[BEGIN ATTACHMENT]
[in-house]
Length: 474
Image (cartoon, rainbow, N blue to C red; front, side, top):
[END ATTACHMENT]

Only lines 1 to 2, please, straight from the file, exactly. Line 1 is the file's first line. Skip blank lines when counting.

[in-house]
Length: 474